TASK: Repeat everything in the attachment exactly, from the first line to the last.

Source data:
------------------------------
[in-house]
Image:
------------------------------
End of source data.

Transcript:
[in-house]
Image: